A giant tortoise is caught hunting and eating a baby bird

New video shows that the seemingly peaceful reptiles really are cold-blooded

giant tortoise lunging toward a bird on a log

A Seychelles giant tortoise lunges towards a noddy tern chick in the first documented instance of a tortoise hunting. Moments after this frame was captured, the tortoise killed the chick and later swallowed it whole.

Anna Zora, Frégate Island Foundation

Justin Gerlach thought there must be some sort of misunderstanding — because tortoises don’t hunt. These gentle herbivores spend their days munching on plants. They don’t stalk prey. So his colleague’s report must be wrong.

Except the video was indisputable.

One summer evening in 2020, a female Seychelles giant tortoise cornered a noddy tern chick. This was on Frégate Island. It’s part of the Seychelles, an archipelago off of East Africa. The young noddy tern (Anous tenuirostris) had fallen from its nest. Slowly but surely, the tortoise (Aldabrachelys gigantea) forced the chick to retreat down a log, like a pirate walking the plank.

Eventually, the bird had nowhere to go. Several slow, deliberate lunges later, the tortoise chomped down on the bird. The bite crushed the chick’s head. Then the tortoise swallowed her prize whole.

This is the first recorded instance of a tortoise hunting. The footage was captured by Anna Zora. She’s a conservation and sustainability manager at Frégate Island Sanctuary. That’s the island’s nature reserve. Zora and her colleagues shared their discovery August 23 in Current Biology.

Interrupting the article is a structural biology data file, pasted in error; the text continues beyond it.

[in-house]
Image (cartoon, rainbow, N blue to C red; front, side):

Researchers just captured the first documented instance of a tortoise hunting and eating prey. It was on Frégate Island in the Seychelles, an archipelago off the coast of East Africa. Tortoises are usually strict herbivores. But when a noddy tern chick fell from its nest, this giant tortoise stalked it — then killed and ate the bird.

“This was totally unexpected,” says Gerlach. “It’s just amazing and slightly horrifying.”

Gerlach is a biologist at the University of Cambridge in England. He’s a coauthor on the new study.

Many herbivores are known to scarf down dead animals for protein, Gerlach says. And there have been some reports of tortoises crushing and eating small birds. “But it’s unclear whether these are deliberate [actions],” he says. These tortoises may have just stepped on birds by accident. After all, tortoises don’t look like natural hunters. Most prey can outrun them.

But the noddy tern chick in the new video proved easy pickings. It was too young to fly. Once the tortoise had it cornered on a log, the chick had nowhere to run. That’s because the chick, which nests in trees, may have been too afraid to jump off the log, Gerlach says.

He suspects this tortoise has hunted before. Its deliberate movements suggest it was experienced. Gerlach now plans to investigate whether tortoises hunt regularly. But even if they don’t, this one video has changed his view of the reptiles.

“[People] don’t think of tortoises as having very interesting behaviors,” he says. “This shows there’s an awful lot more to them.”

Jonathan Lambert is the staff writer for biological sciences at Science News, covering everything from the origin of species to microbial ecology. He has a master’s degree in evolutionary biology from Cornell University.

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